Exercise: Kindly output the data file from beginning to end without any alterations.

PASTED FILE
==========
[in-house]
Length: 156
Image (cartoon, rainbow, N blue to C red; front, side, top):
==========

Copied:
[in-house]
Length: 156
Image (cartoon, rainbow, N blue to C red; front, side, top):